Undoubtedly, this new law is the outcome of Iraq's turbulent state, which the country has endured for decades. This climate is saturated with mutual doubts and suspicions, accusations of treason, the inability to accept the other side, schemes of sedition, fear of coups and takeovers. For these reasons, it is unclear how many Baath members would choose to benefit from this law and regain their lost jobs,especially after the bloody events of recent years.

A clear bias is noticeable in the manner of implementation of the new law; as this piece of legislation allows all those to hold government positions who were only formally members of the Baath party. The question is how could a formal and unwilling acceptance of Baath Party membership be determined? What are the applicable criteria? Will these criteria be limited to one particular group of members and not others?

At this moment, no one knows about the accepted criteria or bases for sorting out Baath Party members. Adding to the confusion are revelations like the one made by former Iraqi interior minister Bayan Jabr Solagh, who publicly admitted that Iraq's infamous dungeons'now under the control of Iraq's Interior Ministry'continue to employ Baath party officials for carrying out acts of torture for the new government. . However, he has not given more details in this regard.

Many Baath party members believe that the law is a trap set by the present government to draw in former Baath Party members and punish them at a later stage. They claim that this law is not different from the old De-Baathification law, but is even more stringent. They claim it has annulled the rights of the President from the Accountability and Justice committee, who earlier had the power to absolve anyone found guilty. That right has now passed onto the council of ministers.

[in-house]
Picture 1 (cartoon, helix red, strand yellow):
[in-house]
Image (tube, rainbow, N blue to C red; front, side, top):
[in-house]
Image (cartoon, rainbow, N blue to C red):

It is not easy to debar any political party, especially the Iraqi Baath party that had ruled the country for over three decades and boasted a membership of around two million people,representing a fifth of Iraq,s adult population and around half the number of adult men. It is not possible to defeat a particular ideology, unless its votaries and supporters are willing to do so themselves. The Baath party had made this mistake when it tried to wipe out other well-established parties of Iraq, which had made significant historical contributions to the country.

What is missing in Iraq nowadays is the existence of a unifying nationalistic culture that could work toward integrating its diverse communities into a cohesive national framework. Iraqi society is currently facing two major threats,the first relates to the inheritance of an autocratic system of governance that monopolizes power and centralizes thought and institutions. The second threat issues from the political culture created by the occupation that has sought to destroy existing social and cultural institutions and has unleashed the internal contradictions of the political, social and ideological constituents of society.

Good intentions and laws alone do not achieve national reconciliation. It is a comprehensive process that demands concessions and compromise of each party, and requires important government intervention at the political, social, and economic levels. At the same time, national reconciliation should be a voluntary endeavor for it to flourish. The conflicting parties should understand the necessity of achieving reconciliation because only through it could the interests of all parties be secured.